1. Take pictures before throwing things out. Take pictures and/or videos of all content and belongings, as well as the structure of the house, before throwing things out -- and this includes clearing closets. Keep track of all contents with photos and a detailed list, even the small stuff. Remember that friend I keep volunteering to be your secretary for the day? Here's where they can come in handy as well.

  2. Keep track of everything. Seriously. Aside from belongings, keep track of everything - phone calls with names and dates, and a description of the conversation. Keep and copy all receipts since you may not know who wants what for months.

  3. Stores files on a flash drive, with a backup as well. It's best to keep a flash drive with all of the information and files. Examples include having a folder for hard copy papers, folder for flood emails, folder for before pictures, etc. Additionally, keep a backup of the flash drive's contents on your computer or a cloud storage system, such as Dropbox.

  4. It's okay to hoard this information. Encouraged, even. Even after this ordeal is over, keep all of this information in case you're affected again and have to show that you really had work done.


I've decided to add this section to cover some resources you may find helpful...and for those who may be looking looking for some extra reading/viewing to pass the time. Please note that I don't personally endorse any of the companies listed anywhere in this post, they're just here for reference should you wish to explore them.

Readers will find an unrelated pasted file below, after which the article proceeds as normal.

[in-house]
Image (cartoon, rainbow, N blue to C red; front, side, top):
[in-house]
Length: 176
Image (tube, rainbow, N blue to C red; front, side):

1. Canopy Claims Management - They host quite a few videos on their Youtube channel, CCMResources, that some may find helpful.

With all of that said and done, my thoughts are with everyone back home. May each of you grow in this time of need, and find some way to see the light in the darkness around you. I encourage you to share these tips -- as well as comment below if there are any you wish to include...or any questions you may wish to be passed along to those who were kind enough to provide everything you've read above. (Big thanks to the Houston floodies, by the way.)

Stay safe, East Coast. Much love to you.